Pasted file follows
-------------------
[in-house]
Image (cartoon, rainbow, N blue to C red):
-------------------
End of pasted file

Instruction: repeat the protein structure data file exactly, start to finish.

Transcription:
[in-house]
Image (cartoon, rainbow, N blue to C red):